A part of Revafour wanted to smash the armor, to destroy it and break it to pieces, but another part of him thought that foolish, that he needed the armor, fashioned even as it was in the Oeridian style, the style of the people that had mostly overrun his own in seizing the continent. 
    Weimar’s people. 
    “Glad to be out of Womtham?” Weimar slurred, offering Revafour a bottle of mead. 
    Revafour considered the mead for a second. 
    He imagined himself smashing it over Weimar’s head, just for a moment. 
    Weimar must have read it in Revafour’s eyes, as the ranger leaned back hastily, blinking his own eyes for a moment.  Then he finished his own bottle and opened up the one he had offered Revafour, pouring himself a glass and sipping it slowly. 
    Airk glanced from the Flan to the Oeridian, and understood.  Sighing, he shook his head as he saw what both men were thinking, as plain as day. 
    Not that he could blame either one of them. 
    “I’ll take a glass, Weimar,” the young woman sitting across the fire from Airk offered.  Her green eyes and strawberry blonde hair agreeably complimented her purple robes, marked with the symbols of stars and moons, and the silver wands tucked into her belt.  She smiled gently as she took a tankard from Weimar, glancing at both men, who relaxed and calmed. 
    “Really,” she chided.  “Why do you both do that every time?  It doesn’t help,” Seline finished.  She had come to hate the stiffness that pervaded between the two men, and what they could not say.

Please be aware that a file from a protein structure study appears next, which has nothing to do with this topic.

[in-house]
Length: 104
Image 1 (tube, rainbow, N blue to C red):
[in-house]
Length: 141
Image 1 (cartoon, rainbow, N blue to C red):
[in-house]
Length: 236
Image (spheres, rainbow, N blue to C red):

“I…” Revafour began.  He had felt the battle-lust of the Tenhas at an early age, and the anger he had felt at what had been done to his people.  His initial anger at Weimar had…what did the elders say?  Wearing armor of steel with a cloak of hide, feathers and beadwork-is that what I must do?  If it must be…
    It was still no less painful.  The dances, the songs, they echoed in his mind, and seeing the hills, so like his own back in the Duchy of Tenh, brought them back.  Revafour leaned back, seeing the stars, remembering the stories his grandfather had taught him…
    He glanced back at Weimar.  Revafour reminded himself once again that it was not the ranger’s fault, and did his best to remain calm. 
    Weimar avoided Revafour’s glance, and turned away, his gaze falling across his Keoish shield, which he hastily turned over. 
    Revafour, Airk and Seline all saw it at once-whether Weimar could accept that it was not his fault was another matter entirely. 
    The halfling sitting next to Weimar snorted without looking up, continuing to work at her knitting.  Red-haired and brown-eyed, the beautiful halfling was dressed in unusual attire-a strapless gown and a black belt around her waist, with garters around her thighs to which were strapped lockpicks and other thief’s tools.  Her wide-brimmed hat caught the most attention-marked with orchids and lilacs, it was her most cherished possession. 
    “Let them go at it, Seline,” Amyalla continued, never taking her eyes off the sash she was working on.  “There’s no sense in trying to convince a man to turn down a challenge, any more than there is in trying to saddle a rabid owlbear,” she laughed.